In November 2002 Ohio entered drydock, beginning a 36-month refueling and conversion overhaul. She is scheduled to rejoin the fleet in 2007, followed by Michigan, Florida, and Georgia. These four SSGNs are expected to remain in service until 2023-2026.

General characteristics

  • Builders: GD Electric Boat.
  • Power plant: One S8G nuclear reactor, one shaft
  • Length: 170.69 m (560 ft)
  • Beam: 12.8 m (42 ft)
  • Displacement: 17,033 tons surfaced; 19,000 tons submerged
  • Speed: 20 knot (37 km/h)
  • Crew: 15 officers, 140 enlisted
  • Armament
    • SSBN configuration:
      • 24 tubes for Trident I and II ballistic missiles; the Trident II with a length of 13.4 metres just fits vertically (the Trident I is shorter), and they are placed in two rows of twelve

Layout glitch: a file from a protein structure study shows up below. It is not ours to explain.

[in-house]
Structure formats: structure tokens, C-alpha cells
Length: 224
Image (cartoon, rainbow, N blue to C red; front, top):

• Four torpedo tubes; Mk-48 torpedoes, mobile submarine simulator decoys
    • SSGN configuration:
      • 154 tubes for Tomahawk cruise missiles
      • Two swimmer and equipment lock-out tubes
      • Four torpedo tubes; Mk-48 torpedoes, mobile submarine simulator decoys

Ohios are comparable in size to Oscar-class submarines of the Russian Navy: Ohios displace more when surfaced but less when submerged; they are longer in length but narrower in beam.

External links


Ohio-class submarine

SSGN 726 Class:
Ohio | Michigan | Florida | Georgia

SSBN 726 Class:
Henry M. Jackson | Alabama | Alaska | Nevada | Tennessee | Pennsylvania | West Virginia | Kentucky | Maryland | Nebraska | Rhode Island | Maine | Wyoming | Louisiana

List of submarines of the United States Navy
List of submarine classes of the United States Navy
de:Ohio-Klasse

ja:オハイオ級原子力潜水艦 pt:Classe Ohio